Human brain organoids have also been applied to understand pathogen-caused microcephaly. Multiple lines of investigations have revealed that when exposed to Zika viruses, brain organoids will exhibit severe defects in the proliferation of neural progenitors, leading to abnormal neurogenesis and cell death (Cugola et al. 2016; Garcez et al. 2016; Qian et al. 2017; Qian et al. 2016). Using human forebrain organoid it was found that ZIKA virus-encoded protein NS2A reduced radial glial cell proliferation by causing deficits in adherens junctions and scaffolding of radial glial fibers (Yoon et al. 2017). Another two proteins NS4A and NS4B that suppress the Akt-mTOR pathway were verified to cause defective neurogenesis and aberrant activation of autophagy in human fetal neural stem cells (Liang et al. 2016). Together, these studies demonstrate that deep insights into MCPH, caused by either genetic mutations or pathogen infections, can be readily gained through the lens of human brain organoids.

Autism spectrum disorder (ASD)

ASD is a heterogeneous brain disorder, caused by a considerable pool of genetic mutations (Hallmayer et al. 2011). ASD patients exhibit repetitive behaviors and impaired social interaction. Emerging evidence suggests that many of the ASD-associated genes are involved in cellular functions at different developmental stages and in different cell types of the embryonic brain (Basu et al. 2009; Iossifov et al. 2014).

To establish human models of ASD, telencephalic organoids were generated from iPSCs derived from patients and familial controls (Mariani et al. 2015). Interestingly, transcriptome analyses of ASD patient-specific organoids revealed a significant decrease in cell cycle length and an increase in the number of inhibitory synapses compared to the control. More progenitors and neurons of the GABAergic lineage were observed in ASD patient-specific organoids. Importantly, FOXG1, a transcription factor critical for telencephalon development and associated with atypical Rett syndrome and small brain size (Ariani et al. 2008; Kortum et al. 2011), was found abnormally up-regulated in ASD patient-specific organoids, and lentiviral-mediated knockdown of FOXG1 was able to rescue the aberrant high production of GABAergic neurons in ASD patient-specific organoids (Mariani et al. 2015).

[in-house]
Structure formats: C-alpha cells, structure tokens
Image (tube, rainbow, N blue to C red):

A recent study by directly inducing ASD iPSCs into neurons and forebrain organoids revealed a temporal dysregulation of specific gene networks that caused marked abnormalities of cortical neuron development (Schafer et al. 2019). Maturing ASD neurons showed aberrant growth dynamics and more nerve branches. Importantly, skipping the NSC stage by direct iPSC-to-neuron conversion can avoid ASD-associated phenotypes in neurons (Schafer et al. 2019). CDH8, a gene encoding for a chromatin-remodeling factor, was also a causative gene for ASD (Wang et al. 2017). Cerebral organoids from heterozygous knockouts (CHD8+/−) iPSCs and controls (CHD8+/+) were established and compared. The study suggested that CHD8 mutation altered the expression of DLX genes, key regulators in GABAergic interneuron development. Pathway analysis of differentially expressed genes also revealed dysregulation in WNT/β-catenin signaling (Wang et al. 2017).

Utilizing brain organoids, it has been found that alterations in various genes and pathways are associated with ASD, among which a shift in GABAergic lineage determination was commonly observed in different systems (Marchetto et al. 2017; Mariani et al. 2015; Russo et al. 2018; Wang et al. 2017). Besides neurons, other non-neuronal contributors of ASD, like astrocytes and microglia, have also gained attention (Petrelli et al. 2016; Tan et al. 2020; Wang et al. 2021). Modeling such aspects with brain organoids, however, still remain challenging. Astrocytes in brain organoids mature only after long-term culture (Paşca et al. 2015; Sloan et al. 2017), and the presence of microglia in brain organoids is sparse, if any, and is hardly controllable (Ormel et al. 2018). Thus, optimized differentiation approaches or co-culture settings are to be developed to incorporate more cellular components for the purpose of a more complete ASD modeling.